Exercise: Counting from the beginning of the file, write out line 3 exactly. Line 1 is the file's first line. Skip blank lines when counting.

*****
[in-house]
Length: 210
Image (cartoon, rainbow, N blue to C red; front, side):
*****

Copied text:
Image (cartoon, rainbow, N blue to C red; front, side):